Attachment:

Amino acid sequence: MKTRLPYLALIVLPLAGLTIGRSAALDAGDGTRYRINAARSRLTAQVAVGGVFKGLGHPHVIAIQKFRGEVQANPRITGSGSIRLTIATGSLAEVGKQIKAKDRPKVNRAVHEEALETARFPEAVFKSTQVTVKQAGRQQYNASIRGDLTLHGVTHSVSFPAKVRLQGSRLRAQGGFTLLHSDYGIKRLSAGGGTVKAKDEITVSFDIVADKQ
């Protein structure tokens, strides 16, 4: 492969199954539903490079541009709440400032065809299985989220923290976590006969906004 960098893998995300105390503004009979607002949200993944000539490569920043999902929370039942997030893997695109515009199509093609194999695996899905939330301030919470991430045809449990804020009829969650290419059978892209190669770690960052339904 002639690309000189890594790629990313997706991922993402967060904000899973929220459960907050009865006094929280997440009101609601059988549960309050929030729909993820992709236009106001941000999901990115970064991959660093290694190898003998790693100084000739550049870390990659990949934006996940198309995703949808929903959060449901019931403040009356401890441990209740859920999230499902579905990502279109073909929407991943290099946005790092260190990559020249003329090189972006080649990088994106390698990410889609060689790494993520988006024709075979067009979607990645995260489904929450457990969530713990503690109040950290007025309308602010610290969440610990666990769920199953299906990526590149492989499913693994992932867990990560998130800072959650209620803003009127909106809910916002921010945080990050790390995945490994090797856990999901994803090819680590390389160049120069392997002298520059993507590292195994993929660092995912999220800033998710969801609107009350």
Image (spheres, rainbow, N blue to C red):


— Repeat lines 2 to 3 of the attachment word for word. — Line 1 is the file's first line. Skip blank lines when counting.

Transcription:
């Protein structure tokens, strides 16, 4: 492969199954539903490079541009709440400032065809299985989220923290976590006969906004 960098893998995300105390503004009979607002949200993944000539490569920043999902929370039942997030893997695109515009199509093609194999695996899905939330301030919470991430045809449990804020009829969650290419059978892209190669770690960052339904 002639690309000189890594790629990313997706991922993402967060904000899973929220459960907050009865006094929280997440009101609601059988549960309050929030729909993820992709236009106001941000999901990115970064991959660093290694190898003998790693100084000739550049870390990659990949934006996940198309995703949808929903959060449901019931403040009356401890441990209740859920999230499902579905990502279109073909929407991943290099946005790092260190990559020249003329090189972006080649990088994106390698990410889609060689790494993520988006024709075979067009979607990645995260489904929450457990969530713990503690109040950290007025309308602010610290969440610990666990769920199953299906990526590149492989499913693994992932867990990560998130800072959650209620803003009127909106809910916002921010945080990050790390995945490994090797856990999901994803090819680590390389160049120069392997002298520059993507590292195994993929660092995912999220800033998710969801609107009350």
Image (spheres, rainbow, N blue to C red):